In theory that rate could rise above its 2000 levels, but at any plausible level — meaning one that doesn’t involve forcing unwilling people to work — you would need to look elsewhere to find those 18 million extra workers beyond the seven million that demographics alone are expected to produce.

    One option would be to encourage people to work until a much older age. Sorry, Grandpa, you may need to go back to work so President Trump can hit his employment target.

    Another option is to substantially increase immigration levels above currently forecast levels. That is, of course, inconsistent with other dimensions of the Trump policy agenda. Indeed, if he follows through on plans to deport millions of immigrants working illegally, that would make hitting the job and G.D.P. growth goals that much harder.

    But G.D.P. growth isn’t just about demographics and work force trends. It also depends on how effective businesses are at converting human labor into economic output. In a word, productivity.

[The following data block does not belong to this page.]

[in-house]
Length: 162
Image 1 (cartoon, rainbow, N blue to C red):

Some simple arithmetic shows that to meet Mr. Trump’s projection of 3.5 percent annual G.D.P. growth each year, even assuming the extraordinary addition of 25 million jobs, you’d still need 2.2 percent annual growth in labor productivity, up from 0.9 percent in the time frame from 2008 to 2015 (assuming hours worked per worker remains constant).

    That would be terrific. And it’s plausible (productivity growth was 2.4 percent from 1950 to 1973).

    But it’s also the case that economists don’t generally believe that presidents have much power, at least directly, over productivity growth. More common explanations focus on innovations that do or do not occur within businesses to make their processes more efficient. Think of the word processor and email making millions of secretaries unneeded, or robotics that reduce the number of human-hours needed to build a car.

    Maybe the burst of infrastructure spending and rollback of regulations Mr. Trump promises will unleash a new surge of productivity growth. Or maybe whatever happens to productivity in the coming years, good or bad, will happen regardless of who is president.